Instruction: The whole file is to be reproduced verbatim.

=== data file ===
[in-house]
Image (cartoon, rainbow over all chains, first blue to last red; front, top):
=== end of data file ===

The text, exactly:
[in-house]
Image (cartoon, rainbow over all chains, first blue to last red; front, top):